Just last month, the Indian Council of Medical Research came up with draft guidelines to conduct such trials in an ethical and fair manner so that poor patients don’t end up being guinea pigs for medicines that won’t even treat them.

“The recent circulars are a reversal of all this progress that has been made to regulate clinical trials in the country,” said Jesani. “So much power in the hands of the ethics committee, where we have more than 600 of them in India, goes against the principle of strict regulation.”

Ethics committees have come under fire by health experts and activists for not working independently and instead playing into the hands of organisations interested in conducting clinical trials. This results in slips in supervision and in the enforcement of rules and regulations.

After a hue and cry over the past few years, the government made it mandatory to register an ethics committee with the Central Drugs Standard Control Organisation before taking approval for the trials.

“There is a lot of paper work,” said Jesani. “But before putting so much power in the hands of the committee, the government should have generated evidence of substantial improvement in their functioning. There is no such evidence.”

Clinical researchers, however, have welcomed the circulars. “The earlier restrictions impacted a sponsor’s ability to choose the best qualified investigators and sites for a study,” said Suneeta Thatte, president of the Indian Society for Clinical Research. “The new announcements vest this decision with ethics committees who are best positioned to deliberate on this and take a well calculated decision.”

Srinivasan of Low Cost Standard Therapeutics disagreed. “This is a clear cut case of inviting pharmaceutical companies to conduct clinical trials in India and signal them for ‘ease of doing business’,” he said. “The decisions seem to have been taken under pressure from the pharma lobby to make it convenient to test their drugs in India.”

We welcome your comments at letters@scroll.in.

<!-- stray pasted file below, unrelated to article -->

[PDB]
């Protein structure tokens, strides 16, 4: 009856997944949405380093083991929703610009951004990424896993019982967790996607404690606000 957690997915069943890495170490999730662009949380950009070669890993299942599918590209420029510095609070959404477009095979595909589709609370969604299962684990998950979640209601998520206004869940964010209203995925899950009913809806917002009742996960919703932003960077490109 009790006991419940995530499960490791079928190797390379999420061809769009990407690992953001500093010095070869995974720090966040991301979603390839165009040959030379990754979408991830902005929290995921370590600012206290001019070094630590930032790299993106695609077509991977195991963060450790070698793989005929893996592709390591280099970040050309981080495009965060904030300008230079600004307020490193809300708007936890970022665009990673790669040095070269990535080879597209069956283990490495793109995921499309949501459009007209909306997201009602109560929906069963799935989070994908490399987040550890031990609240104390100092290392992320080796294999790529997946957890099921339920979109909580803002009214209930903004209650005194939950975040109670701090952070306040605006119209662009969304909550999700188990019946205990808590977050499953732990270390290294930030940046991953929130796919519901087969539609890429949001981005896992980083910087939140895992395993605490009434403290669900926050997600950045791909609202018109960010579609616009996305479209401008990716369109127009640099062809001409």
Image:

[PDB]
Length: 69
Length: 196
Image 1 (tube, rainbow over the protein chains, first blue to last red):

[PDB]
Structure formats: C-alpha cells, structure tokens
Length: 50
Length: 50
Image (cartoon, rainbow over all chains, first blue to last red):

Sponsored Content BY 

When did we start parenting our parents?

As our parents grow older, our ‘adulting’ skills are tested like never before.

From answering every homework question to killing every monster under the bed, from soothing every wound with care to crushing anxiety by just the sound of their voice - parents understandably seemed like invincible, know-it-all superheroes all our childhood. It’s no wonder then that reality hits all of a sudden, the first time a parent falls and suffers a slip disc, or wears a thick pair of spectacles to read a restaurant menu - our parents are growing old, and older. It’s a slow process as our parents turn from superheroes to...human.

And just as slow to evolve are the dynamics of our relationship with them. Once upon a time, a peck on the cheek was a frequent ritual. As were handmade birthday cards every year from the artistically inclined, or declaring parents as ‘My Hero’ in school essays. Every parent-child duo could boast of an affectionate ritual - movie nights, cooking Sundays, reading favourite books together etc. The changed dynamic is indeed the most visible in the way we express our affection.

The affection is now expressed in more mature, more subtle ways - ways that mimics that of our own parents’ a lot. When did we start parenting our parents? Was it the first time we offered to foot the electricity bill, or drove them to the doctor, or dragged them along on a much-needed morning walk? Little did we know those innocent acts were but a start of a gradual role reversal.

In adulthood, children’s affection for their parents takes on a sense of responsibility. It includes everything from teaching them how to use smartphones effectively and contributing to family finances to tracking doctor’s appointments and ensuring medicine compliance. Worry and concern, though evidence of love, tend to largely replace old-fashioned patterns of affection between parents and children as the latter grow up.

It’s something that can be easily rectified, though. Start at the simplest - the old-fashioned peck on the cheek. When was the last time you gave your mom or dad a peck on the cheek like a spontaneous five-year-old - for no reason at all? Young parents can take their own children’s behaviour available as inspiration.

As young parents come to understand the responsibilities associated with caring for their parents, they also come to realise that they wouldn’t want their children to go through the same challenges. Creating a safe and secure environment for your family can help you strike a balance between the loving child in you and the caring, responsible adult that you are. A good life insurance plan can help families deal with unforeseen health crises by providing protection against financial loss. Having assurance of a measure of financial security for family can help ease financial tensions considerably, leaving you to focus on being a caring, affectionate child. Moreover,you can eliminate some of the worry for your children when they grow up – as the video below shows.

Play

To learn more about life insurance plans available for your family, see here.

This article was produced by the Scroll marketing team on behalf of SBI Life and not by the Scroll editorial team.